Taste of farming life
Chance to get questions answeredTIM CRONSHAW
Mid Canterbury Selwyn
Townsfolk were given a taste of farming life at a Farm Open Day at the Lincoln University's dairy farm today.
The university's demonstration farm had an open day run by Federated Farmers in 2010 and the South Island Dairy Development Centre managers who run the property on behalf of the university have decided to make it an annual event.
Visitors were able to find out how grass becomes milk then gets to the supermarket, and could see cows being milked.
Centre executive director Ron Pellow said farm managers wanted to continue the event after 2010, until earthquakes disrupted their plans.
"We are keen to do the event again. This will give all the consumers of milk products the opportunity to ask all the questions about where milk comes from and understand a bit more about the journey of milk from sunshine through pastures to cows and into their cups and on plates."
Pellow said there appeared to be a wider understanding of dairy farming, but perhaps not a detailed understanding and people could learn more during the farm visit.
"Farms are more removed from our everyday lives and mum and dad might have had a close relative on the farm, but that's further removed now because of food-and-safety requirements and busier lives." Milking of the cows will be carried out from 2.30pm to 4.30pm, with the open day starting an hour earlier.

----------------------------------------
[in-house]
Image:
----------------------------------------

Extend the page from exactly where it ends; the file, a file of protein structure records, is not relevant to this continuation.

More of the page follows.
Pellow said the greatest surprise city people might get from visiting the farm would be learning that cows need to calve yearly to produce milk. This was why calving was so important to the dairying system.
"I hope people will come out of this more enthused about the value of milk products to their own lives and the importance of local production to their own wellbeing. It's an opportunity for people to see what animal welfare is like on a commercial dairy farm. We think cows are well looked after and people can come and see for themselves."
Another surprise is that cows continue to grow teeth during their lifetime to keep up with the large intake of grass and other feed to produce milk.
Lincoln University vice-chancellor Andy West said Christchurch people would hopefully come away from the visit with a deeper connection between consuming products such as milk cheese and yoghurt and knowing about the food being created on local farms.
About 600 visitors attended the last open day and between 2500 to 3000 farmers and industry people visit the farm each year.
DID YOU KNOW?
Cows produce 4500 to 10,000 litres of milk or 400 to 700 kilograms of milksolids a year.
Cows typically eat 20 kilograms of dry matter a day. That's about 130kg of standing grass a day and one quarter of its body weight.
They have a large rumen to consume so much grass.
About four cows are run to the hectare at the Lincoln farm. This varies from two to five cows nationally.
- The Press